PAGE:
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Effective Information Management Drives Time-To-Market Success

Manufacturing Industry | United States


In one major semiconductor manufacturer’s ongoing quest for smaller, faster microprocessors, the outward trend is exactly the opposite: constructing ever-larger, more complex multi-billion dollar fabrication plants (fabs) to support new manufacturing processes. All this while maintaining a steady stream of smaller projects, retrofitting older fabs to accommodate more advanced technologies. At any given time, there are several new or retrofit projects under construction and several more in the design phase.

In support of this massive effort, Access Sciences’ on-site team manages a digital library of 40,000 2D CAD drawings and 150 3D BIM models, depicting 105 of the client’s buildings, on 13 campuses, in their existing “as-built” conditions. Each new construction project begins with a request for drawings by our team’s “customers” including client project staff, AE firms, and specialty subcontractors. And each project ends with customers returning (issuing) drawings of the new or modified facilities – about 6,500 per year. We then incorporate those changes back into the as-built library, and the process starts all over again.


Manual construction drawing requests weren’t sustainable.


Self-service application that automates and standardizes business processes.


Self-service drawing request fulfillment has drastically improved accuracy,  response times, and contained staff resource levels even as demand has increased.

  • Building Information Modeling (BIM)
  • Business Process Automation
  • Computer Aided Design (CAD)
  • Rapid Prototyping and Proof-of-Concept
  • Solution Architecture
  • System Implementation and Configuration
  • Systems Integration
  • Testing

When Access Sciences assumed responsibility for this function, we inherited a request fulfillment process that was managed using spreadsheets sent via email. Since there was no truly accurate inventory, customers often had to guess which drawings and models they needed. Our team then had to interpret these smoke signals, and email back-and-forth for clarification. And because there was no central drawing inventory, every requested drawing required a lengthy research process through a historical backlog going back to the widespread adoption of computer-aided-design in the early 1990s.

In the hyper-competitive semiconductor manufacturing business, where being first to market can translate to billions of dollars in revenue and, by extension, enable the winner to drive market direction for future generations, these inefficiencies could not continue.


Our solution was to develop a system that captures pertinent information about drawing assets, business rules and processes, and physical facilities. The ultimate goal was to present this information in a self-service interface that would allow customers to request drawings and team members to process those requests while eliminating guesswork, clarification back-and-forth, and lengthy research processes.

The first step was to create a central library of new, incoming design drawings, and to then keep it updated starting from “today forward.” As time permitted and as necessity dictated, older projects were also catalogued. This provided the team with the basis to know whether a given as-built drawing was truly up-to-date; roughly how much work would be required to update it; where the  source material was located; and importantly, whether the work had already been done by someone. This alone saved countless hours, allowing our team to spend less time searching the backlog and more time reducing it. It  also improved estimates and supported more realistic commitments regarding request turnaround times.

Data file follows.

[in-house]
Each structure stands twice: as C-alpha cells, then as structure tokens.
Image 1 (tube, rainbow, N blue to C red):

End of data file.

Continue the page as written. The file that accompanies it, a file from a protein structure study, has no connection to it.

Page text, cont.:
The next step was to examine the drawing library, index all pertinent  information, and store the data in a relational database. In preparation for this, our team leveraged its deep expertise with the client’s work processes and CAD standards, to develop a detailed data model. At the same time the database was being built, we developed a custom application to extract information about  each drawing, for indexing. The application decodes the drawing filename according to the CAD standard, and uses the CAD software vendor’s application programming interface (API) to extract even more information directly from within the drawing itself.

For the front-end interface, our client chose a web application for its ability to run in any web browser without installing special software. The application was built over several months in close consultation with the customers and the Access Sciences team members who would be its users.

Suggestions for presentation and functionality were, and continue to be, incorporated iteratively. The application displays complete, up-to-date, and searchable catalogs of each document type available for request. It offers the customer “only correct choices” (which had become a sort of buzz-phrase for the project) so that each request is accurate and clear, and the team response is efficient. It also gives the customer instant feedback on request status, and a history of their requests at a glance. For our team, request assignment, tracking and record keeping are as simple as a few mouse clicks. And it’s all done without a single spreadsheet!

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